The life history of the Penaeidae shrimps family is approximately between 15 and 18 months (Cervantes-Hernández, 2008  ), and this begins in the marine environment with the reproduction that generates shrimp post-larvae. After those enter lagoon systems for their protecting, feeding and growing until they are young shrimp (Gracia et al., 1997  ). When young shrimp reach a total length ~80 mm they leave lagoon systems to return to the marine environment, and start life history again.
From the four commercial shrimp species that inhabit in the Gulf of Tehuantepec (GT), México (Figure 1), white shrimp Litopenaeus vannamei (Boone 1931) has been most studied species. For this shrimp population the following studies were done: mortality (Ramos-Cruz et al., 2006  ), exploitation evaluation
Figure 1. Geographic location of GT and the CTJB-LS. The lagoon systems from GT are: Huave (1), Mar Muerto (2), Cabeza de Toro la Joya Buena Vista (3), Patos Solo Dios (4), Carretas Pereyra (5), Chantuto Panzacola (6). Sampling stations are shown with the numbers from 1 to 10.
and closures (Cervantes-Hernández et al., 2008  ), reproductive and recruitment seasons (Cervantes-Hernández et al., 2008  ), and ecological distribution (Cervantes-Hernández and Egremy-Valdez, 2013  ). Based on the aforementioned literature, it was concluded:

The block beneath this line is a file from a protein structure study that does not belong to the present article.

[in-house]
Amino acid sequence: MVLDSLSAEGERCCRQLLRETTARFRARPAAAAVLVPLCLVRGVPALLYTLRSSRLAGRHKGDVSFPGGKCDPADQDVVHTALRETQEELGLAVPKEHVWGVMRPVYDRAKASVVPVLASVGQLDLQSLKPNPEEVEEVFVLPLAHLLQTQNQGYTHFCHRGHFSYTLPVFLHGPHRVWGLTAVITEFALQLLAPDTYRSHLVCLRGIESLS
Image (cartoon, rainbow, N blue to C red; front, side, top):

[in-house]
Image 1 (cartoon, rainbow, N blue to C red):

1) The complete life history is approximately between 15 and 16 months (Cervantes-Hernández et al., 2008  ).
2) The “Marine Recruitment” was defined as the natural movement of young shrimp from inside lagoon systems towards the marine environment of GT (Cervantes-Hernández et al., 2012  ). In GT (Figure 1) a complete marine recruitment season spanned from April to August, with the highest recruit flow during June/July (Cervantes-Hernández et al., 2008  ).
3) The “Lagoon Recruitment” was defined as the natural movement of post-larvae shrimp from the marine environment of GT towards inside lagoon systems (Cervantes-Hernández et al., 2012  ). The white shrimp reproduces during the lagoon recruitment, and in the GT a complete lagoon recruitment season spanned from July to November, with the highest post-larvae flow during October (Cervantes-Hernández et al., 2008  ).